Tips to help parents, students as FCA...

Tips to help parents, students as FCAT begins Tuesday in Orland...

There are 71 comments on the Orlando Sentinel story from Feb 10, 2008, titled Tips to help parents, students as FCAT begins Tuesday in Orland.... In it, Orlando Sentinel reports that:

When Evans High School students bend their heads to take the 2008 Florida Comprehensive Assessment Test, dozens of community members will bow their heads, too -- in prayer.

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Ashburn, VA

#63 Feb 13, 2008
mandingo wrote:
man, yall aint be got no betta tests fo dese here chidrin?
Are you really that stupid? Speak ENGLISH, or sit down and shut up until you learn to! This 'ganster' mentality is what is ruining our society.

And as for your previous comment about the FCAT being a "racist test designed to keep the brothers back", that is completly idiotic. That's just like a gansta-wannabe, playing the race card when the true problem is that blacks have been making excuses for their poor performance in school since the day they were born. Suck it up, do your school work, get a good job, and quit blaming everybody else for your own problems!
Paul S - Oviedo

Denver, CO

#64 Feb 14, 2008
Finally, I read something pertaining to the heart of this article. LAUREL posts that "praying and organizing a prayer chain to help the Pine Hills children succeed on the FCAT is yet more evidence of the low intelligence level".
That's a little harsh and should really refer to the ignorance level not necessarily intelligence level. But, for the most part she's right.
It is downright embarrassing to read that there are people in my community that would "pray" to their spaghetti monster or tripartite god for intercession on a test!
Think about what that says of us?
I was approached by a "journalist" from this organ. I considered the interview but decided against it after this "article" was written. I do not and can not allow myself to be associated with this sort of tripe and still hold my head up! That an erstwhile "newspaper" would give such prominence to the prayer part of this story is absurd in this day and age. It legitimises the specious arguments of those that would rely upon imaginary beings and remove hard, factual science from the curriculum of Florida's children.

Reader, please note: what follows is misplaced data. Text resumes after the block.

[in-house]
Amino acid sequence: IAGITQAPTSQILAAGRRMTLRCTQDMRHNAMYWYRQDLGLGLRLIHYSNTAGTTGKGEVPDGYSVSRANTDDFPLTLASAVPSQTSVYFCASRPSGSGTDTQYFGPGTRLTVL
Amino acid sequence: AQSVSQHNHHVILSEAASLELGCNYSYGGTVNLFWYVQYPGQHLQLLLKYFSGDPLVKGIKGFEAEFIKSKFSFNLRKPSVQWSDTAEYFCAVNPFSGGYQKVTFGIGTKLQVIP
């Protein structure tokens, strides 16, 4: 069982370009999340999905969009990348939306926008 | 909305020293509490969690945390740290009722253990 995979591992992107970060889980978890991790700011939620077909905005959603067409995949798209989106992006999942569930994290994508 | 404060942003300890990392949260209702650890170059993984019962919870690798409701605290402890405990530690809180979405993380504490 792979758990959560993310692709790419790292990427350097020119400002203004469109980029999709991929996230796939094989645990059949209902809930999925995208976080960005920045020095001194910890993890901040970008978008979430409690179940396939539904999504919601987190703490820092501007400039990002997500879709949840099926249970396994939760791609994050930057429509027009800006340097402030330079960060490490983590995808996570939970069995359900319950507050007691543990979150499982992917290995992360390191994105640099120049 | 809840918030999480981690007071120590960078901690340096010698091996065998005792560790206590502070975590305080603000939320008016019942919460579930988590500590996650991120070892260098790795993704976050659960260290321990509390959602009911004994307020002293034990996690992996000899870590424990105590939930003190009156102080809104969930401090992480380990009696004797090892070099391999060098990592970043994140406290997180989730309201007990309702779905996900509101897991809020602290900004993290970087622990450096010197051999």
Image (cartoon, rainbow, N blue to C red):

Pah. What is to become of us?
Paul S - Oviedo

Denver, CO

#65 Feb 14, 2008
One more thing. It pertains to education as a whole really. Allow me to quote:

"Nature in 1998 reported a survey suggesting that belief in a personal god or afterlife was at an all-time low among the members of the U.S. National Academy of Science, only 7.0% of whom believed in a personal god as compared with more than 85% of the general U.S. population. In the same year Frank Sulloway of MIT and Michael Shermer of California State University conducted a study which found in their polling sample of "credentialed" U.S. adults (12% had Ph.Ds and 62% were college graduates) 64% believed in "God", and there was a correlation indicating that religious conviction diminished with education level. Such an inverse correlation between religiosity and intelligence has been found by 39 studies carried out between 1927 and 2002, according to an article in Mensa Magazine. These findings broadly concur with a 1958 statistical analysis from Professor Michael Argyle of Oxford University. He analyzed seven research studies that had investigated correlation between attitude to religion and measured intelligence among school and college students from the U.S."